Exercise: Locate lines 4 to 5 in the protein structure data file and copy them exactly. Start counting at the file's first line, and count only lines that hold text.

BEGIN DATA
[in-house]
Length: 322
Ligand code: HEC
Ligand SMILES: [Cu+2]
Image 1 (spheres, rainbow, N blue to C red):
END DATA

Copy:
Ligand SMILES: [Cu+2]
Image 1 (spheres, rainbow, N blue to C red):